Ricotta is an Italian
type of cottage cheese. That said, cottage cheese isn't really cheese. Like
various "milk products" - feta, yogurt, mozzarella, sour cream,
buttermilk and mascarpone come to mind - it fits into a specific category
other than that of cheese. This is a question of ingredients but also of
method, as most true cheeses (even creamy ones like brie and camembert)
are at least slightly aged.
Then there is the matter of the source of the milk. Feta is made from
goat's milk, mozzarella from the milk of cows or buffalo. Sicilian ricotta
is made from sheep's milk, though it is possible to use cow's milk too.
Because it is so simple to make, cottage cheese is made in certain parts
of Asia and Africa where true cheese recipes are unknown in the local cuisine.
So while there are numerous Sicilian cheeses,
ricotta isn't one of them. Most cheeses are made from "whole"
milk and varying quantities of cream.
When boiled, milk, consisting mostly of proteins such as casein, separates
into solids and liquids. The liquid is mostly whey, or milk plasma. After
straining, the solids, or curds, that remain are primarily casein. Several
procedures exist to curdle milk or cream, and it's possible to use rennet
or lemon juice, but ricotta is made by simple heating. The word ricotta
itself literally means "re-cooked."
Ricotta actually contains more curds than whey, and its culinary category is
"whey cheese" or "curd cheese." Some milk protein solids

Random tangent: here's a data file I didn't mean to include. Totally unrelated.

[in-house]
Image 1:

(casein) remain after straining, and
a bit of salt is added to most ricotta. Sheep ricotta, called ricotta
di pecora, typically contains from 12 to 18 percent fat.
A slightly aged version of ricotta is ricotta salata or ricotta
al forno, which is a brick of dense, solidified (pressed) ricotta coated
with salt. This effect is achieved by slowly baking and even smoking the
It is ricotta di pecora that gives the cream filling of cannoli,
cassata and sfinci its
very distinctive taste. Ricotta made from cow's milk just doesn't have the
European standards dictate that ricotta must be made in stainless seel
vats under specific conditions, but for traditional rustic atmosphere there's
nothing like seeing it made outdoors, on a sheep farm.
Ricotta is "seasonal," with the best product made during the
months that Sicily's pastures
are greenest, from November through May, when the grazing sheep produce
the most milk. As demand has increased, so has the price of "genuine"
ricotta, and much of what is sold in Sicily today, especially during the
warmer months, is made from a mixture of sheep's milk and cow's milk.
Genuine ricotta di pecora is the real deal.
About the Author: Roberta Gangi has written
numerous articles and one book dealing with Italian cultural and culinary
history, and a number of food and wine articles for Best of Sicily Magazine.